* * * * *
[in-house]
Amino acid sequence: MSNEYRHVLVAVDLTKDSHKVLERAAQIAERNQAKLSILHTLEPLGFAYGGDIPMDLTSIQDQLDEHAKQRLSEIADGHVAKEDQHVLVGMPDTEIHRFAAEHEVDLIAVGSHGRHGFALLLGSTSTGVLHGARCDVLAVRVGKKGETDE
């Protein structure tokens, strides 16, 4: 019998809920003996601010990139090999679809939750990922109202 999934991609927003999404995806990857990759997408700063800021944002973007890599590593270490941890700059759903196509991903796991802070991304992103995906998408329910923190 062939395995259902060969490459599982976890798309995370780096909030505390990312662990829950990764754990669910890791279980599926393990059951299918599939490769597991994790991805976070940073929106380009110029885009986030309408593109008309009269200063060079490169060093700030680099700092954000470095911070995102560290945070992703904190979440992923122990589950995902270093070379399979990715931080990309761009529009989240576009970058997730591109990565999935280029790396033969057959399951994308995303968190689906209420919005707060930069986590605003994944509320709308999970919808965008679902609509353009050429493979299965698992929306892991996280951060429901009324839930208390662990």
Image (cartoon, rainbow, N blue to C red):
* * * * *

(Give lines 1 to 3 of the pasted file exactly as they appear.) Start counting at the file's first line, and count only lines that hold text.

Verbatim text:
[in-house]
Amino acid sequence: MSNEYRHVLVAVDLTKDSHKVLERAAQIAERNQAKLSILHTLEPLGFAYGGDIPMDLTSIQDQLDEHAKQRLSEIADGHVAKEDQHVLVGMPDTEIHRFAAEHEVDLIAVGSHGRHGFALLLGSTSTGVLHGARCDVLAVRVGKKGETDE
């Protein structure tokens, strides 16, 4: 019998809920003996601010990139090999679809939750990922109202 999934991609927003999404995806990857990759997408700063800021944002973007890599590593270490941890700059759903196509991903796991802070991304992103995906998408329910923190 062939395995259902060969490459599982976890798309995370780096909030505390990312662990829950990764754990669910890791279980599926393990059951299918599939490769597991994790991805976070940073929106380009110029885009986030309408593109008309009269200063060079490169060093700030680099700092954000470095911070995102560290945070992703904190979440992923122990589950995902270093070379399979990715931080990309761009529009989240576009970058997730591109990565999935280029790396033969057959399951994308995303968190689906209420919005707060930069986590605003994944509320709308999970919808965008679902609509353009050429493979299965698992929306892991996280951060429901009324839930208390662990």